RESEARCHERS from Massachusetts General Hospital, Boston, USA, have developed a novel way of predicting which patients with melanoma are more likely to experience a recurrence with artificial intelligence. This method will enable clinicians to know which patients are more likely to benefit from aggressive treatment.
Melanoma is the deadliest form of skin cancer, and death from this cancer typically occurs in patients who were diagnosed with early-stage melanoma initially, and who later had a recurrence that went undetected until it had metastasised or spread. While cancerous cells are removed during surgery for most patients with melanoma, those with more advanced cancer can also receive immune checkpoint inhibitors that strengthen the immune response against the tumour cells. However, this treatment does have significant side effects such as immunologic adverse events that are potentially fatal, and a high rate of morbidity.
Senior author Yevgeniy R. Semenov, Department of Dermatology, Massachusetts General Hospital, believes that predictive tools are needed to be developed to help select high-risk patients with melanoma who would benefit from immune checkpoint inhibitors despite the risks. Semenov stated: “Reliable prediction of melanoma recurrence can enable more precise treatment selection for immunotherapy, reduce progression to metastatic disease, and improve melanoma survival while minimising exposure to treatment toxicities.”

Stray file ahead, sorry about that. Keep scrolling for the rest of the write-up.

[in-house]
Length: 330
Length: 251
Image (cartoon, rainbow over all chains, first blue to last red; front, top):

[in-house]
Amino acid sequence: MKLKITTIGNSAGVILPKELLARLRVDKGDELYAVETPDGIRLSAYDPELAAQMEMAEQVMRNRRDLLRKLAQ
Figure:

Using data from the electronic health records of patients, the researchers tested the effectiveness of algorithms based on machine learning to predict melanoma recurrence. The algorithms were developed and validated with the patient sets from the Mass General Brigham healthcare system, Boston, Massachusetts, USA, where data was collected from 1,720 patients with early-stage melanoma, and the Dana-Farber Cancer Institute, Boston, Massachusetts, USA, where data from 548 patients was collected.
After analysing these data, the researchers found 36 clinical and pathological features to help predict patients’ risk of recurrence. However, the thickness of the tumour and rate of cancer cell division were found to be the most predictive features.
Semenov stated: “Our comprehensive risk prediction platform using novel machine learning approaches to determine the risk of early-stage melanoma recurrence reached high levels of classification and time to event prediction accuracy. Our results suggest that machine learning algorithms can extract predictive signals from clinicopathologic features for early-stage melanoma recurrence prediction, which will enable the identification of patients who may benefit from adjuvant immunotherapy.”